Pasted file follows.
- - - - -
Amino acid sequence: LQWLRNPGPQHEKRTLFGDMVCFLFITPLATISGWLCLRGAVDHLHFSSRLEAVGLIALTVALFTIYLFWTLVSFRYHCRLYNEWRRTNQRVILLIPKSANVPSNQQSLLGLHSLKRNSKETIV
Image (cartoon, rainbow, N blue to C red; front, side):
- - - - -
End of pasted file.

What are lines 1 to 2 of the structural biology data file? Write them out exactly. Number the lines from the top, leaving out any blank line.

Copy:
Amino acid sequence: LQWLRNPGPQHEKRTLFGDMVCFLFITPLATISGWLCLRGAVDHLHFSSRLEAVGLIALTVALFTIYLFWTLVSFRYHCRLYNEWRRTNQRVILLIPKSANVPSNQQSLLGLHSLKRNSKETIV
Image (cartoon, rainbow, N blue to C red; front, side):